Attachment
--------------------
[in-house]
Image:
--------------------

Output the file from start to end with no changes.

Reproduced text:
[in-house]
Image: